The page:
Officials in New York have indicated that the decision on whether to lift the moratorium on new "fracking" wells may be delayed. The hotly contested issue of whether to allow the controversial process of hydraulic fracturing or "fracking" to expand in New York has put substantial pressure on Governor Andrew Cuomo's administration with thousands of concerned citizens publicly expressing their desire for a ban on fracking in the state. Many have even signed a pledge committing to engage in civil disobedience if Cuomo were to lift the moratorium he put in place for additional study.
During the process of fracking, large quantities of water, along with sand and chemicals, are pumped into shale to crack the rock and allow oil and gas in the seams between layers of the shale to be released. A key part of the controversy with fracking is that the chemicals are not disclosed by all of the companies involved in fracking, which have labeled them "trade secrets," making it harder for people to know what specific chemicals and possible carcinogens are in the fracking fluid and waste water. Fracking has come under heightened scrutiny over the past year as the public has learned more about the toxic chemicals in fracking fluid, the vast quantities of drinkable water that fracking uses and leaves behind as waste, as well as the growing number of links between fracking and the contamination of wells and other health and environmental ills.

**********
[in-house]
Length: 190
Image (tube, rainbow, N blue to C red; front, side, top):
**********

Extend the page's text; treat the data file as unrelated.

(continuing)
New Yorkers Work to "Prevent this Toxic Experiment"
New York's Department of Environmental Conservation (DEC) Commissioner Joe Martens recently announced the state's health department would conduct a health impact review before the environmental impact assessment of fracking would be finished. The draft rules for the state on fracking were proposed on November 30, 2011, and were given a year to be finalized. Recent comments from the New York DEC suggest that the state will miss the pending, November 29, 2012, deadline for issuing final rules which advocates say would mean that the rules would once again be open for public comment and at least one public hearing, buying more time for those seeking a ban. The state has had a moratorium on drilling new wells for four years. If the rules are not completed by the end of November, it is doubtful they would be finalized before the end of the year. Some 80,000 public comments have already been submitted to the agency on whether to allow fracking in the state.
DEC spokeswoman Emily DeSantis said on Friday that the agency was doubtful that it would have finalized rules by the end of November. Although it is not entirely clear how to interpret the vague statements coming from the Cuomo administration, many working towards a ban on fracking have called them a victory. Resistance to fracking in the state has steadily grown over the years, just as pressure from the gas industry on the state to open vast tracts of land to this industrialization has also increased. DeSmog Blog's Brendan DeMelle called the Cuomo administration's decision to partake in a health review an "encouraging move by Gov. Cuomo... given the enormous uncertainties surrounding fracking and unconventional energy development."